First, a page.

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‘L’Immensita’ Review: Penelope Cruz Wows Again in Turbulent Italian Family Drama

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A tender, intensely personal portrait of dysfunctional family in 1970s Rome, Italian director Emanuele Crialese’s L’Immensita covers a lot of distance indeed. Internationally, it’s bound to draw attention for Penelope Cruz’s wrenching performance as Clara, an unhappily married mother of three coping with mental health issues. (Cruz is suddenly everywhere all at once, appearing not just in this competitor for the Golden Lion in Venice, but also on the Lido as a player in out-of-competition feature On the Fringe.)

Closer to home, the film is sure to generate press over the fact that Crialese just came out publicly as a trans man at the film’s press conference, having discussed the matter a little more gingerly in an interview in Variety the week before the film’s premiere. He explained that his own experience of dysphoria formed the inspiration for the trans character Andrea/Adria at the heart of L’Immensita‘s story, played by Luana Giuliani, who offscreen does not identify as male.

L’Immensita

The Bottom Line

A vibrant, if over-crammed, family affair.

Venue: Venice Film Festival (Competition)
Cast: Penelope Cruz, Luana Giuliani, Vincenzo Amato, Patrizio Francioni, Maria Chiara Goretti, Penelope Nieto Conti, Alvia Reale
Director: Emanuele Crialese
Screenwriters: Emanuele Crialese, Francesca Manieri, Vittorio Moroni, based on a story by Emanuele Crialese

1 hour 37 minutes

Given how intensely stories about trans characters have been scrutinized in the past, and sometimes found wanting because of the casting of cis actors or lack of input from trans creatives (see for instance the debate around TV’s Transparent or film The Danish Girlamong others), Crialese’s brave decision to come out will inevitably shape reactions.

But it’s notable that Crialese braids Andrea’s gender story into a broader narrative with several subplots, including his mother Clara’s fractious marriage, a story that echoes the unhappy family in Crialese’s breakout feature. Respiro (2002). As with Valeria Golino’s character in the latter, Clara here has wild mood swings and moments of playful unpredictability that are seen as problematic by the conventional family around her, especially her husband Felice (Vincenzo Amato). He turns out to be a bit of a cad — absent, unfaithful, and as intolerant of his wife’s spontaneity and repressed playful side as he is of Andrea’s insistence he’s a boy not a girl, the tendency of his youngest child Diana (Maria Chiara Goretti ) to play with her food instead of eating it, and the bulimic behavior of middle kid Gino (Patrizio Francioni), who also has the disturbing habit of defecating in a closet.

That whole nuclear family drama is nested inside a bigger portrait of an extended family of cousins, grandparents, aunts and uncles, met in a vacation interlude in the film’s middle act. While Andrea may not be an exact copy of his creator, it’s clear from the way he marshals his clan of cousins ​​into adventures, like a visit to the sewer underneath the family villa, that he’s going to grow up to be something like a film director. one day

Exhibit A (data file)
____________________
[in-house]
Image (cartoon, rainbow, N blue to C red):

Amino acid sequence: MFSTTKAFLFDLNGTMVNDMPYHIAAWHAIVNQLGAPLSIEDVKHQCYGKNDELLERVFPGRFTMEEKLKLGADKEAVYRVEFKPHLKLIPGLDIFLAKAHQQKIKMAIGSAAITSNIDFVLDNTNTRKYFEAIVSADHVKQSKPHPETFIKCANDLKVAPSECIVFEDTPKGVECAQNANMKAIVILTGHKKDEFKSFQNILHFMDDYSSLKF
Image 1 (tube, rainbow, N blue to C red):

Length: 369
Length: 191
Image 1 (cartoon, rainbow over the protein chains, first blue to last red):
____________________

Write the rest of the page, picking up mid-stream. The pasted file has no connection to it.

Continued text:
As if the film didn’t already have enough drama going on, there’s an additional strand about how the development of the neighborhood will literally reshape Andrea and his siblings’ world, wiping out an encampment used by Roma people. The latter is where Andrea meets his new crush, Sara (Penelope Nieto Conti), a girl who unquestioningly accepts Andrea as a boy and shares a first kiss with him. And all that is interspersed with nostalgic musical numbers, zhuzhed up to look like a 1970s Italian variety show shot in black and white, fantasy sequences in which Cruz and Giuliani lip-sync and dance with a backup troupe of hoofers. After all, everyone coming out should have tuxedos, sequined frocks and show-stopping numbers.

In short, there’s a lot going on here, and not all of it plays nice with the other components. Like so many Bildungsromanit’s a tapestry crammed with incidental details, just as busy as the fantastic vintage-style prints on the women’s dresses and the flammable upholstery in the interiors.

But then Crialese, who’s always been good with performers, will serve up a moment of achingly sad stillness — for example when Clara, confronted with the truth of her husband’s infidelity, almost visibly crumbles into a heap of despair. Cruz holds the film together like a force of gravity, and has a wonderful authentic chemistry with all the kids who play her children here, especially Giuliani. With her fierce, tomboy haircut and steady gaze, the young actor offers a commanding presence throughout, faltering only when compelled to go kitschy in a final musical number. It’s then that we realize with a halting sympathy that she’s still just a kid after all.

Full credits

Venue: Venice Film Festival (Competition)
Cast: Penélope Cruz, Luana Giuliani, Vincenzo Amato, Patrizio Francioni, Maria Chiara Goretti, Penelope Nieto Conti, Alvia Reale, India Santella, Mariangela Granelli, Valentina Cenni
Production companies: Wildside (Fremantle group), Warner Bros. Entertainment Italia, Chapter 2, Pathé, France 3 Cinema
Director: Emanuele Crialese
Screenwriters: Emanuele Crialese, Francesca Manieri, Vittorio Moroni, based on a story by Emanuele Crialese
Producers: Mario Gianani, Lorenzo Gangarossa
Executive producer: Olivia Sleiter
Co-producers: Dimitri Rassam, Ardavan Safaee
Director of photography: Gergely Poharnok
Production designer: Dimitri Capuani
Costume designer: Massimo Cantini Parrini
Editor: Clelio Benevento
Music: Rauelsson
Sales: Pathe

1 hour 37 minutes



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